“Also, the idea of starting a brand new campus was really exciting to me. It’s not very often that you have an opportunity in a career to start a brand new campus.”

    In the nearly four years Karnes has been with Covenant, he has overseen its growth from a 63-unit assisted living apartment facility to a 30-acre continuing care community with 104 one- and two-room apartment homes and a licensed, Medicare-certified skilled nursing facility with 37 beds and a 24-hour nursing staff. Covenant also offers Medicare-certified rehabilitation as well as hospice care. It recently broke ground on an 84-unit expansion of the residential complex, which is slated for completion in early 2007. Seven acres of land bordering the complex was recently purchased with future expansion in mind, Karnes said.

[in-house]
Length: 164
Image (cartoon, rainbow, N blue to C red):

“I think the uniqueness of Covenant Retirement Communities is that we really focus a lot on building community,” Karnes remarked. “One of the things my grandmother could have benefited from is a community of people. On a campus like this, people can have a sense of belonging and participation not only within the campus but in the greater community. We work hard at building those bridges between the community and our residents.”

    That sense of community, he said, is reflected in the way residents watch out for each other, support one another and get together with one another. Covenant has a 12-member, elected resident council that meets regularly to discuss any concerns or issues residents may have. Residents write their own bylaws, and Karnes thinks that also helps solidify a sense of community.

    Covenant has a wellness center with a full range of resistance and cardio equipment, a pool, sauna, whirlpool spa, steam room, and instructor-led fitness classes. Social, educational and cultural programming is also offered, some of it in conjunction with the Aquinas Emeritus Center.